The endpoint often plays a central role in the cyber kill chain, serving as the entry point and staging ground for a broader attack, a dynamic that has raised the stakes in protecting the endpoint attack surface area. Today’s endpoint security market is in transition, with customers seeking solutions that protect against zero day malware and exploits while evaluating whether “next-generation” solutions augment or replace traditional antivirus. Webroot SecureAnywhere Business Endpoint Protection strives to bridge the gap with a smart approach to detect, prevent, and remediate malware on endpoints.
IBM acquired SoftLayer in June 2013 and released Bluemix in June 2014. From a market timing standpoint, IBM qualifies as a late entrant. However, the real question is, “Does this timing work for or against IBM?” Data from ESG’s recent PaaS usage and satisfaction survey shows that IBM’s market timing has worked well. IBM’s efforts to generate visibility for SoftLayer and Bluemix coincided with a surge of market interest in PaaS. Consequently, IBM was able to gain considerable ground in a remarkably short period of time. This brief examines where IBM is today with Bluemix and helps explain why IBM is a “go to” vendor for enterprises of all sizes.
Red Hat has taken an important first step in defining a compelling architecture for supporting IoT needs and explaining how its product portfolio enables enterprises and partners to craft high-value IoT applications. This brief presents a simplified IoT architectural reference model developed by ESG and then discusses Red Hat’s alignment with this model. The Red Hat solution is very comprehensive and involves nearly the entire Red Hat portfolio. The breadth and depth of IoT use cases suggests that a comprehensive portfolio is desirable because it ensures that the right selection of products is available to meet the needs of the solution.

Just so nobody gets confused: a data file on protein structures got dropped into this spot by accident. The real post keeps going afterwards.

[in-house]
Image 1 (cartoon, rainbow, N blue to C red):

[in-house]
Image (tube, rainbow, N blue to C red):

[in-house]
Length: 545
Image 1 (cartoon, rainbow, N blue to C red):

Commvault recently added new enterprise file sync and share capabilities (EFSS) to its Endpoint Data Protection Solution Set. Commvault File Sharing will help end-users securely store, access, and share files from virtually anywhere, at any time, on any device. The EFSS capabilities address not only the burgeoning need for secure file sharing among business end-users so that sensitive data is protected, but also the critical need for organizations to more easily demonstrate compliance with regulatory and government requirements through further securing and protecting those files with an integrated endpoint backup solution. These new capabilities could give Commvault a competitive advantage in the file sharing and collaboration market, where most other offerings lack any means for secure collaboration in combination with an efficient endpoint data protection strategy.
Docker has announced a networking system that enables application portability across any network infrastructure and empowers partners to create plug-in drivers. Providing its own drivers as well as those from partners creates a broad ecosystem that offers choice. Although this system is still experimental and will undoubtedly evolve, the Docker community needs to resist the desire to add complex features that may offset its key benefits of scalability and simplicity. Simplicity of design is critical to satisfying developer needs and cannot be ignored.